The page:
This dialectic (to use a term repeated by the film’s communists screenwriters) is first laid out for us in the early scene in which Mannix meets with four clergymen. Many critics noted the humor in that scene, and one commenter thought it “an exploration of the self-censorship Hollywood practiced.” Few recognized it as introducing the terms of the film’s debate. This scene was clearly inspired by the consensus between a nascent Hollywood and “mainstream” religion over religious authenticity and propriety on screen, as epitomized by the biblical epic genre. But the rapid dialogue contains some deep theological discussions of the Christianity’s paradoxical understanding of Jesus as both human and divine. When Mannix points out, to placate the crabby rabbi, that this might describe all of us, the Coens have given us the key to the whole movie.
http://religiondispatches.org/reality-a ... movie-yet/

Good observation.

The review picks up on an issue of early Church writing some people on the forum might be familiar with:
A buried clue (or just coincidence) that suggests the importance of vision, of “showing” in this film may be found in the name of the Roman tribune played by George Clooney as Baird Whitlock: Autolycus.

To Autolycus is the only surviving work by the church father, Theophilus of Antioch. It is addressed to his pagan friend, Autolycus, described as having “a fluent tongue and an elegant style” (as good a description of George Clooney as any). In the opening line of the second chapter, “That the Eyes of the Soul Must Be Purged Ere God Can Be Seen,” Theophilus tells Autolycus that “if you say, Show me your God, I would reply, Show me yourself, and I will show you my God.” In Hail, Caesar! characters are repeatedly told to “watch” and once to “squint against the grandeur.” In the final shot a water tower instructs the audience to “Behold,” while the plummy British narrator tells us that Mannix’s story is “written in light.”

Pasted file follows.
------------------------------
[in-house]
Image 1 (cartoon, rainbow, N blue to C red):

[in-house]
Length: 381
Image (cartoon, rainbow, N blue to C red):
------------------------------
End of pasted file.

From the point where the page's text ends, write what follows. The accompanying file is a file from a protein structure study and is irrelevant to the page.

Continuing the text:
Movies and photography, of course, are often said to be written in light, but that last line seems to describe a religious apotheosis as well. And so the Coen Brothers, as ever, accept the mystery and leave us with a final reminder of the paradox that the sacred must be both visual and invisible, seen and unseen, just as they bring us, as we watch Mannix watching the film within the film, to wait for the “divine presence to be shot later.”
http://religiondispatches.org/reality-a ... movie-yet/


Theophilus of Antioch was a mid 2nd c. bishop of Antioch.


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Re: Hail Caesar!: Christian spoof, Christian allegory, or bo

Postby rakovsky » Mon Feb 06, 2017 4:54 pm



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Re: Hail Caesar!: Christian spoof, Christian allegory, or bo

Postby arnoldo » Wed Mar 15, 2017 9:22 am

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Re: Hail Caesar!: Christian spoof, Christian allegory, or bo

Postby rakovsky » Wed Mar 15, 2017 2:18 pm

arnoldo wrote:Beware the ides of march. .
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https://en.wikipedia.org/wiki/Ides_of_March


Was that a random joke or did you mean something?


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Re: Hail Caesar!: Christian spoof, Christian allegory, or bo

Postby arnoldo » Wed Mar 15, 2017 6:14 pm

This scene is pretty funny, therefore the movie appears to be a spoof.

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Re: Hail Caesar!: Christian spoof, Christian allegory, or bo

Postby rakovsky » Thu Mar 16, 2017 5:23 am

arnoldo wrote:This scene is pretty funny, therefore the movie appears to be a spoof.


I think there is a spoof aspect.
But after reading the reviews, it looks like it is much less spoofing than I originally thought.

For example, the Big Lembowski was an allegory about Jesus. Hence "The Dude Abides". There was a spoof aspect.
However, was The Dude Lembowski really ridiculed? I think not. I think the screenwriters saw him as a hero.

In the clip above that you showed, it talks about the Divine Presence and how everyone of us has God in us. My guess is that the screenwriters believe this.